Yet, I heard on television just this morning that a "piece" of the polar vortex is causing this week's "Arctic blast" (another popular term used by the media). In my opinion, the broadcasters and bloggers who introduced "polar vortex" into the discussion of Arctic outbreaks this January made a giant, unscientific leap.
Now I readily admit that the polar vortex sometimes is "coupled" with the middle and upper troposphere, but using the polar vortex to "explain" Arctic outbreaks at the earth's surface is scientifically questionable, in my view, especially if the real goal of the media is effective communication with the general public. In the old days, we old-school forecasters often referred to "cross-polar flow" as a way to explain some Arctic outbreaks (low-level winds advect frigid air southward from polar regions). That wouldn't be good enough in today's world, when it seems like the media looks for single cause and effect. The atmosphere is just a lot more complicated than some people realize.
Above is yesterday morning's (January 21) 12Z GFS model analysis of 50-mb heights (larger image). Essentially, you can see two lobes of the polar vortex (two closed contours of very low 50-mb heights). I assume the 19080-meter closed low north of Hudson Bay is the piece of the polar vortex that the media is currently hyping. At first glance, you might think that the media is correct! But keep in mind that this pattern prevailed near 20 kilometers above the earth's surface!
Okay, lets take a look at 850 mb (about 1.5 kilometers above the ground). Below is yesterday morning's 12Z GFS model analysis of 850-mb heights (larger image). There are several closed lows at 850 mb, including the one east of Hudson Bay.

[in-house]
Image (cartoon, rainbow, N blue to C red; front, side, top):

Now take a look at the corresponding 12Z GFS model analysis of 850-mb streamlines (below; unannotated version) at 12Z on January 21, 2014. Focus your attention on the closed circulation just east of Hudson Bay (marked by an "L"). For the record, a closed 850-mb low represents a pocket of cold air from the surface to 850 mb. I would argue that the cyclonic circulation around this 850-mb low really wasn't directly impacting the Upper Middle West at this time. Moreover, I would argue that the 850-mb high (marked by an "H") was more directly responsible for advecting Arctic air into the Upper Middle West. Any way you slice it, the couplet of high and low pressure worked in tandem to advect (transport) Arctic air southward into the eastern contiguous states.
We can debate whether the closed 850-mb low east of Hudson Bay was directly linked to the piece of polar vortex that supposedly broke away (I seriously doubt it). But that's obfuscating the issue, in my view. No, the real issue I have with the media boils down to their invoking a stratospheric feature to easily and somewhat mysteriously explain away the "Arctic blasts" that occurred this January. No, I prefer a more transparent and scientifically honest approach. A tandem of high- and low-pressure systems in the lower troposphere simply advected (transported) Arctic air southward into the eastern contiguous states. If you want to expand this explanation to include "cross-polar flow" (and make old-timers like me happy after you explain what it means), then I'm all in. But please don't invoke a low-pressure system in the stratosphere (the polar vortex) in order to explain away (and apparently hype) patterns of very cold weather when communicating with the general public.
In the end, I have a really tough time making a direct link between the polar vortex and Arctic air masses. The former is a broad, cyclonic circulation at rarefied altitudes that forms in response to the lack of sunlight in the polar stratosphere during the cold season. In stark contrast, the pronounced low-level chill of any Arctic air mass is derived from prolonged contact with the very cold earth's surface (typically at high latitudes). So, in my mind, it's an unscientific leap to make a direct connection between the polar vortex and every Arctic air mass that comes down the pike.
In fairness, there is some research that suggests a long-range (month-to-month and winter-to-winter) connection between the strength of the polar vortex and Arctic air outbreaks in the eastern United States (check out this paper). Using this research, however, as the basis for short- to medium-range forecasts / explanations of Arctic outbreaks is not warranted and scientifically questionable, in my opinion.
I'm still mad as hell, and I'm not going to take it any more.